They’re a team of death-row super villains recruited by the government to take on missions so dangerous they’re sheer suicide! Harley Quinn! Deadshot! King Shark! Defeated and imprisoned, they’re being interrogated about their mission – and about who’s pulling the strings behind this illegal operation.
Written by Adam Glass, Suicide Squad hit their fourth outing in DC’s big The New 52 relaunch campaign, the first issue debuting a very different team, never mind a very different Harley Quinn!
Whilst Federico Dallocchio and Ransom Getty handled the interior art, the ever talented Ryan Benjamin was tasked with coming up with the particularly eye-catching first issue cover art, showing the new look Quinn at her finest!
In the post-Flashpoint continuity (New 52), Oliver Queen is Green Arrow and he balances his own breaking of laws with his efforts to bring outlaws to justice across the globe. Queen runs Q-Core, a communications technology company that is part of Queen Industries, through which he funds and armors himself as Green Arrow. He makes scarce allusion to his former partnership with Roy Harper, but Roy’s memories in Red Hood and the Outlaws establish that the pair fell out badly, leading Oliver to expel him from Q-Core, and prompting Roy’s own downward spiral.
He is based once again in Seattle and supported in his vigilante activities by a small team of close friends who are tech geniuses. New mysteries concerning Oliver’s original time on the island where he was shipwrecked are brought to the fore, a central mythology concerning the ancient Arrow Clan is introduced, and new antagonists, including Komodo, who Oliver learns was his father’s archer apprentice and murderer emerges from the shadows!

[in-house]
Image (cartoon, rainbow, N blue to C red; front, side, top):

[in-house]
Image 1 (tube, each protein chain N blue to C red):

Italian comic book artist Andrea Sorrentino puts together this chilling view of a very distraught and battered Green Arrow with some pretty threatening helicopters rapidly closing in!
The Batman saga takes place primarily in the fictional municipality of Gotham City, a city overrun with crime, graft, and corruption. Its citizens live in perpetual fear from the vast number of criminals, gangs and common thugs. In an effort to combat the cancerous infection of crime, billionaire philanthropist Bruce Wayne creates the costumed persona of the Batman to prey on the superstitious and cowardly criminals’ fears.
Wayne, a young socialite who witnessed his parents’ murder during a mugging when he was a small child, used his trauma and vast personal wealth to travel the world and gain the skills needed to wage his war on crime. Batman utilizes his keen analytical mind and sophisticated technology and gadgetry, as well as outstanding physical agility, power and stamina to ensure that criminals never feel safe in Gotham, and are always afraid of the dark at night.
In the eyes of the public, the Batman is believed to be both an urban legend and something more than human: an indeterminable black specter that represents terror. Wayne reasoned that fear was his weakness as a child, but as a man, it became his weapon.
Canadian comic book artist Jason Fabok brings us this particularly menacing take on the ever growling Dark Knight: